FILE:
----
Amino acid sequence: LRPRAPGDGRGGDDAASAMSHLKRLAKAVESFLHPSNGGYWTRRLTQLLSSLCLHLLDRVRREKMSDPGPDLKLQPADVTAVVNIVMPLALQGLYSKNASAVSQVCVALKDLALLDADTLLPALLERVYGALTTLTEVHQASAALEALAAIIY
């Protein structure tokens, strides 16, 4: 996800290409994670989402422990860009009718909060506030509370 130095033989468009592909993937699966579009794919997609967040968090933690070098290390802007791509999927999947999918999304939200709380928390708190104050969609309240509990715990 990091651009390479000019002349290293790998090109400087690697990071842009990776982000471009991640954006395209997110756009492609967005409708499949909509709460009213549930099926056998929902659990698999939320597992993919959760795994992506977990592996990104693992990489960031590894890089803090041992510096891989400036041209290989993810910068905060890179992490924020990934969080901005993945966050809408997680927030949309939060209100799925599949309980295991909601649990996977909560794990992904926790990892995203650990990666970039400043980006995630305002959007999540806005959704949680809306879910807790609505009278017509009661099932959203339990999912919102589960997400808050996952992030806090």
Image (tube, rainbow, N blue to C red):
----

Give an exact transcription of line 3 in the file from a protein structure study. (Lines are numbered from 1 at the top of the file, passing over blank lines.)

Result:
Image (tube, rainbow, N blue to C red):